What Is “Test Efficacy” and Why Is It Important in Visual Testing?
Visual Testing Is More Than Meets the Eye
Humans are visual, both on and off-screen. Research shows that 94% of online visitors will form their first opinion on your business based on the design of your website. For e-commerce, 88% of shoppers are less likely to return to a website that gave them an unpleasant experience.
These two simple statistics highlight how detrimental it can be to have an inconsistent product UI/UX out in the market. From a mistakenly placed check-out button to overlapping text, customers can become easily frustrated by simple errors that crop up during regular code changes or updates to how browsers interpret UI frameworks.
Digital businesses are most at risk of losing customers and profits, one visual bug at a time. Automated visual testing is a critical step in improving and maturing your QA processes to avoid these mishaps. Yet, traditional visual testing creates challenges by greatly increasing the number of initial “failed” test results due to the sensitivity of traditional “pixel-based” visual comparisons. “Test flakiness” is simply a measure of a test's overall pass/fail count. It doesn’t take into account how often a pass should have been a fail and vice versa.
Test Efficacy vs. Test Flakiness
Test efficacy is often used in clinical trials to measure test performance and reliability. It is much more than simply the test passing or failing. It is the confidence that the test passes when it should pass and fails only when it truly should. This is not usually an issue in traditional automated testing. However, when you implement traditional pixel-comparison visual testing and start seeing the number of failed tests go up because of minor and inconsequential changes, QA teams and product leads get concerned. Tests becoming unreliable because they do not have the desired result is an example of test efficacy dropping.
A flaky test is a test that both passes and fails periodically. You don’t know if the outcome is good or bad because the inconsistency negates the result. Flaky tests are both annoying and costly since they often require engineers to manually execute tests or, worse, trigger entire test suite runs to recreate the issue. But the actual cost of test flakiness is a lack of confidence in your tests.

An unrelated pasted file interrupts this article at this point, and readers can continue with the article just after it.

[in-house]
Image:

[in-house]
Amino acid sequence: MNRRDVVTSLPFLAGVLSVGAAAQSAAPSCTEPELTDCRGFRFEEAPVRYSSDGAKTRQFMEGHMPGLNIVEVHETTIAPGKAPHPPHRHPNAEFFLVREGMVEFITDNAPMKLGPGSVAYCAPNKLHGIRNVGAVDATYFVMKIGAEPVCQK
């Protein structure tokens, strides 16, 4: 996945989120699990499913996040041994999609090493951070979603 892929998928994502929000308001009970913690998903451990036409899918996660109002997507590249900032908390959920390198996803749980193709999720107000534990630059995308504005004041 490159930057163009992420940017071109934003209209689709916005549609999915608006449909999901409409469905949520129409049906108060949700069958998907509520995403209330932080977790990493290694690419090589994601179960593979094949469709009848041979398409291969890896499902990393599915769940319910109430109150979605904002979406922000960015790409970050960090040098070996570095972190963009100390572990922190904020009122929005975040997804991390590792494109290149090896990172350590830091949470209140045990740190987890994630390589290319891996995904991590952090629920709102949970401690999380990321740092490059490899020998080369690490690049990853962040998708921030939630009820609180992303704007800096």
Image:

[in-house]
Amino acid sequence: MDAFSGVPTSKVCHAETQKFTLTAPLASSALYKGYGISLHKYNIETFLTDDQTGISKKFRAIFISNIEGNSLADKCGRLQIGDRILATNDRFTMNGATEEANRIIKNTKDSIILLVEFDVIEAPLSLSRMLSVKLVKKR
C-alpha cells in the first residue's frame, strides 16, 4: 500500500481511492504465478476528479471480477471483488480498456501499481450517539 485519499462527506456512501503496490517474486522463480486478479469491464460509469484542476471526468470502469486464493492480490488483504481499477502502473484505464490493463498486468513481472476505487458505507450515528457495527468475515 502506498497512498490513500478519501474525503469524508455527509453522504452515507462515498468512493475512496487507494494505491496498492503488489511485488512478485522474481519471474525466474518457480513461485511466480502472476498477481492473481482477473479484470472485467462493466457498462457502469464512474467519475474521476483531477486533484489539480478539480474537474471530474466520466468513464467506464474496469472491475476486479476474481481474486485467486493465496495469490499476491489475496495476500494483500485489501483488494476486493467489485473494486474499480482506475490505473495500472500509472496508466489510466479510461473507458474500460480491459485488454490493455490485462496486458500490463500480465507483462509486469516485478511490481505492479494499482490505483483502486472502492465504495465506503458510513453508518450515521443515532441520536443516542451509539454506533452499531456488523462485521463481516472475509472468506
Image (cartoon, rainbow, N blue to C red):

Flaky tests will significantly impact your ability to confidently and continuously deliver quality software.
- Test coverage and efficiency measure how well testing resources are used.
- Test flakiness measures how consistently a test passes.
- Test efficacy measures how consistently a test result (whether pass or fail) is the desired result.
The Importance of Test Efficacy in Visual Testing?
As mentioned earlier, visual testing often increases the number of failed tests. This, in turn, increases the amount of time spent manually reviewing the failed test results. For example, a manual review will often reveal that the failed test was caused by an inconsequential change of a button moving a few pixels. Each time this happens, the test efficacy of the automated test drops.
Having visual testing capabilities that consistently lead to desired results, i.e., high test efficacy, lowers the manual effort required to validate failed visual tests.
How AI Increases Test Efficacy in Visual Testing
Visual testing involves the look and feel of an application. Many QA teams do not rely on automation for visual testing. Instead, they manually conduct UI regression tests and commit hundreds or thousands of resource hours per month to validate applications visually. Just like functional regression tests, UI regression tests need to be automated to scale quality processes properly. Companies will benefit immensely from automating these visual tests in both the capacity of testing and quality of life for the testers.
But as the challenges discussed earlier imply, how do you implement automated visual testing without greatly impacting skyrocketing test flakiness and your overall test efficacy? How can an organization trust tests that often fail when they shouldn’t? This is where the power of AI comes in.
AI offers the ability to add an automated validation layer to visual tests. AI improves the visual testing process by replacing the manual review step with an AI-powered automated visual review to filter out false positives further and maintain test efficacy. For example, when a visual test goes through the AI validation and still fails, the trust that this failure is valid increases. A tester avoids wasting their time reviewing and possibly opening a bug ticket.
Are you looking for a tool for visual testing that helps minimize visual test flakiness and improve visual testing efficacy?
Try Katalon’s AI Visual Testing Trial with the following two options: content-based or layout-based visual testing. With AI-enabled analysis, only valid variations of UI are identified, reducing duplicate effort and troubleshooting hours significantly.